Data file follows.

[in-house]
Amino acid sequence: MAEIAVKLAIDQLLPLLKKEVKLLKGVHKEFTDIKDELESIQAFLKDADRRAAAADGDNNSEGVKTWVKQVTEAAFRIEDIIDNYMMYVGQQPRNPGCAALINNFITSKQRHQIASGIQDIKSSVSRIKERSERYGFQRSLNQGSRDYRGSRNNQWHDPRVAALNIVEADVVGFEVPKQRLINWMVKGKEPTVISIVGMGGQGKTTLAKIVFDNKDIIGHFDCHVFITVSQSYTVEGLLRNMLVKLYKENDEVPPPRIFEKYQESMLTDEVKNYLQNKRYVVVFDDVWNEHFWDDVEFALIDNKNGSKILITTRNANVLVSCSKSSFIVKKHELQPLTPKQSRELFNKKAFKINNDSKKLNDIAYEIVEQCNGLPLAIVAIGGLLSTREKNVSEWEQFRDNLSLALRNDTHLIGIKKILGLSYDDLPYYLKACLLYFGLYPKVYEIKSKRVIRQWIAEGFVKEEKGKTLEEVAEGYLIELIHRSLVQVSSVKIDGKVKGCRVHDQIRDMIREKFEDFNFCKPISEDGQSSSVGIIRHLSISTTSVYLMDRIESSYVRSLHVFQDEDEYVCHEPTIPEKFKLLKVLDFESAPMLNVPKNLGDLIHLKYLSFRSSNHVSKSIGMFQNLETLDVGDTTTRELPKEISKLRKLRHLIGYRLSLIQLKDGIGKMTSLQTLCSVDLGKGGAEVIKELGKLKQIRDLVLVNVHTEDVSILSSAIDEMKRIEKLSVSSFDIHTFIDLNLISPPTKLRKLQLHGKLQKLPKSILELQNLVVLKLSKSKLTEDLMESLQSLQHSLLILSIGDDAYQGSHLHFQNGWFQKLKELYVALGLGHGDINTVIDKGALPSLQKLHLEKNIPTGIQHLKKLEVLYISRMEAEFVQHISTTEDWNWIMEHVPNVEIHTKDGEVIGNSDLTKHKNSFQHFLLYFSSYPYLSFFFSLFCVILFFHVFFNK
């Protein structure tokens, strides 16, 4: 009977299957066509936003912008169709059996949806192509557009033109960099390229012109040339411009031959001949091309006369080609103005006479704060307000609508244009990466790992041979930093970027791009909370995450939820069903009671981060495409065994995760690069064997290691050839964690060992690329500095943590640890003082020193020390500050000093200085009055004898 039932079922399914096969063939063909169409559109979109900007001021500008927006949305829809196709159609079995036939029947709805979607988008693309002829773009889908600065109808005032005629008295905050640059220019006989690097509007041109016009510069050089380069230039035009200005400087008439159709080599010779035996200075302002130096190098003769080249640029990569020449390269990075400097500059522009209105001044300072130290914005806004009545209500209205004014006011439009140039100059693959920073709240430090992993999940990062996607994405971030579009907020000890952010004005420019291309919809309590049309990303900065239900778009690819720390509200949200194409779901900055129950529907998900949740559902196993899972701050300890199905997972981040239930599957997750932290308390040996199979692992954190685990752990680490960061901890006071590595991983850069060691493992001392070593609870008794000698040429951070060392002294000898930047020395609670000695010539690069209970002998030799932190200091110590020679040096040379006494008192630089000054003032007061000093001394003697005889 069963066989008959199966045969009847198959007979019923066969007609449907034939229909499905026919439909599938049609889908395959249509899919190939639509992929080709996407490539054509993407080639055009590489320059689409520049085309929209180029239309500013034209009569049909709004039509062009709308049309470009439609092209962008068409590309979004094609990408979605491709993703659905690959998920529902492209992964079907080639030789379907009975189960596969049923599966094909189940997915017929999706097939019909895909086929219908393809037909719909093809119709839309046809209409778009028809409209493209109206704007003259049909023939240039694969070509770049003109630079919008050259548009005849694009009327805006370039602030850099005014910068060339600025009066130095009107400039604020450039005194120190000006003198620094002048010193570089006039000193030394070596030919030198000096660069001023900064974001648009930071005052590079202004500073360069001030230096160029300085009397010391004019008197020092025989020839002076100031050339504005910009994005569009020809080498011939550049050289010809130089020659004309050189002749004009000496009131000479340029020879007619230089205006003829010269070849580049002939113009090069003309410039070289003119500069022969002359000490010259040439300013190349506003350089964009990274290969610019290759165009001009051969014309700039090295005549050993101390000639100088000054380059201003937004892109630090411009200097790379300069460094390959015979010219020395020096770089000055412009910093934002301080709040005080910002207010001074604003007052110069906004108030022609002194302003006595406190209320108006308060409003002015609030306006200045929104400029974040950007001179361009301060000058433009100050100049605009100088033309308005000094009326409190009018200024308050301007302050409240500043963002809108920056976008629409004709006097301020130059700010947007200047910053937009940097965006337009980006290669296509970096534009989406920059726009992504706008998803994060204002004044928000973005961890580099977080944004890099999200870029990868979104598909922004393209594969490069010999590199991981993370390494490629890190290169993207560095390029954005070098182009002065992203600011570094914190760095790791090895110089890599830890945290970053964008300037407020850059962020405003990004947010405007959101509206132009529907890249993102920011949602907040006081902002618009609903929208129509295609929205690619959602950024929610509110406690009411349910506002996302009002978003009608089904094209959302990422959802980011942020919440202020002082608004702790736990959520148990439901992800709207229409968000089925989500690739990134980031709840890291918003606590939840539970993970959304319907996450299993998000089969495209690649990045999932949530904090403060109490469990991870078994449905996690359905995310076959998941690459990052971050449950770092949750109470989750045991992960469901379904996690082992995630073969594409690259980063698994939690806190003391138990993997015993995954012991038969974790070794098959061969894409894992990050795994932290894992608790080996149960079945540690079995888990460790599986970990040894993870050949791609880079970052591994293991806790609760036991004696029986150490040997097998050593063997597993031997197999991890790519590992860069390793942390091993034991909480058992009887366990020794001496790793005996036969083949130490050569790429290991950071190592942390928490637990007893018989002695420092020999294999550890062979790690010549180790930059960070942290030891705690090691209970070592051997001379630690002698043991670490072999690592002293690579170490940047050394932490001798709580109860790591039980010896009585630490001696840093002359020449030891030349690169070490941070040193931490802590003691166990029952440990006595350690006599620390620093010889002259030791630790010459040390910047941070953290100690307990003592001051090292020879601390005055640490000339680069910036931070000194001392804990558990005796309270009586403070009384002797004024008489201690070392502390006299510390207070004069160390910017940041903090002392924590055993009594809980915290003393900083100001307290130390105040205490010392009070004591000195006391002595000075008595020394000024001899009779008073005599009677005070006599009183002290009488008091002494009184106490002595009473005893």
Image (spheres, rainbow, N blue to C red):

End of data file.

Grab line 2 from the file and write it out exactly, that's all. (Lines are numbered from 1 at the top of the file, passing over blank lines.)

Amino acid sequence: MAEIAVKLAIDQLLPLLKKEVKLLKGVHKEFTDIKDELESIQAFLKDADRRAAAADGDNNSEGVKTWVKQVTEAAFRIEDIIDNYMMYVGQQPRNPGCAALINNFITSKQRHQIASGIQDIKSSVSRIKERSERYGFQRSLNQGSRDYRGSRNNQWHDPRVAALNIVEADVVGFEVPKQRLINWMVKGKEPTVISIVGMGGQGKTTLAKIVFDNKDIIGHFDCHVFITVSQSYTVEGLLRNMLVKLYKENDEVPPPRIFEKYQESMLTDEVKNYLQNKRYVVVFDDVWNEHFWDDVEFALIDNKNGSKILITTRNANVLVSCSKSSFIVKKHELQPLTPKQSRELFNKKAFKINNDSKKLNDIAYEIVEQCNGLPLAIVAIGGLLSTREKNVSEWEQFRDNLSLALRNDTHLIGIKKILGLSYDDLPYYLKACLLYFGLYPKVYEIKSKRVIRQWIAEGFVKEEKGKTLEEVAEGYLIELIHRSLVQVSSVKIDGKVKGCRVHDQIRDMIREKFEDFNFCKPISEDGQSSSVGIIRHLSISTTSVYLMDRIESSYVRSLHVFQDEDEYVCHEPTIPEKFKLLKVLDFESAPMLNVPKNLGDLIHLKYLSFRSSNHVSKSIGMFQNLETLDVGDTTTRELPKEISKLRKLRHLIGYRLSLIQLKDGIGKMTSLQTLCSVDLGKGGAEVIKELGKLKQIRDLVLVNVHTEDVSILSSAIDEMKRIEKLSVSSFDIHTFIDLNLISPPTKLRKLQLHGKLQKLPKSILELQNLVVLKLSKSKLTEDLMESLQSLQHSLLILSIGDDAYQGSHLHFQNGWFQKLKELYVALGLGHGDINTVIDKGALPSLQKLHLEKNIPTGIQHLKKLEVLYISRMEAEFVQHISTTEDWNWIMEHVPNVEIHTKDGEVIGNSDLTKHKNSFQHFLLYFSSYPYLSFFFSLFCVILFFHVFFNK